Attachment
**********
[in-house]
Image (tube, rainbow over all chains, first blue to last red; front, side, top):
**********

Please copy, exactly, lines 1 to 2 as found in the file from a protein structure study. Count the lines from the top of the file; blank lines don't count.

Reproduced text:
[in-house]
Image (tube, rainbow over all chains, first blue to last red; front, side, top):